16 February 2024

Beyond misconceptions: Exploring the patentability and challenges associated with AI-driven bioinformatics innovations in Europe

An article by Technical Assistant Rebecca Bennett and Partners Anna Gregson and Andrew White outlining the available protection for AI-driven bioinformatics has been featured in the latest edition of The Patent Lawyer.

Read the feature below.

The bioinformatic landscape has undergone a profound shift with the infusion of artificial intelligence (AI) technologies. The integration of AI, and specifically its subsets like machine learning and deep learning, has catalysed a revolution in bioinformatics. This transformative impact is most evident in the enhanced analysis and interpretation of biological data, unlocking invaluable insights from expansive datasets. The synergy between AI and bioinformatics is not only expediting drug discovery but also enriching our understanding of complex biological systems. Today, AI stands as an indispensable instrument within the bioinformatics toolkit, propelling the field into new realms of discovery and innovation.

However, a prevalent misconception has persisted, particularly in Europe, that bioinformatic inventions are inherently unpatentable due to their classification as mathematical methods or computer programs by the European Patent Office (EPO) and as such fall within excluded subject matter (Article 52 European Patent Convention (EPC)). This has led to the belief among inventors that their innovations may be ineligible for patent protection. While it is true that mathematical methods and computer programs, in isolation, are excluded from patentability, it is essential to recognise that many AI-driven inventions, particularly those in the dynamic field of bioinformatics, do not fit this restrictive narrative and are not classed as excluded subject matter.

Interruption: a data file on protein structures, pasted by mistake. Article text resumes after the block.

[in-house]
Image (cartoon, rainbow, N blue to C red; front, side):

This misconception is evidently mirrored in the discernible contrast in the number of patent applications across various jurisdictions. In 2022, both the United States and China saw a substantial surge in bioinformatics-related patents, with over 4000 published patent applications each. In stark contrast, Europe recorded roughly half that number, totalling just over 2000 published patent applications in the same year. This marked divergence in patent activity may be attributed, in part, to another prevalent misperception — the belief that the United States is more permissive when it comes to software-related inventions, such as those at the intersection of bioinformatics and AI implementation. It’s essential to note that while the United States Patent and Trademark Office (USPTO) may have exhibited a historically more permissive stance toward software-related innovations, including those in bioinformatics and AI, the landscape has significantly evolved in the past decade. A discernible shift towards a more rigorous approach has emerged.

The way that many AI-related bioinformatics inventions are assessed for patentability in Europe is often under the guise of inventive step.  In performing this assessment, when considering whether any features contribute to the presence of an inventive step, the EPO will assess whether those features are “technical” or provide a technical contribution in the sense that they provide a technical solution to a technical problem.  There is no explicit definition of what is considered “technical” or not, rather this is framed by case law of the EPO Boards of Appeal built up over the last few decades.